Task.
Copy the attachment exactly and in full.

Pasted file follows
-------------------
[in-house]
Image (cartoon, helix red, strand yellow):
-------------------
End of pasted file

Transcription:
[in-house]
Image (cartoon, helix red, strand yellow):